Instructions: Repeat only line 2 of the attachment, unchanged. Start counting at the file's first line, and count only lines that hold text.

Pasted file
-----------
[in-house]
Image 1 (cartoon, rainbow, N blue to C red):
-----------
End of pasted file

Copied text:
Image 1 (cartoon, rainbow, N blue to C red):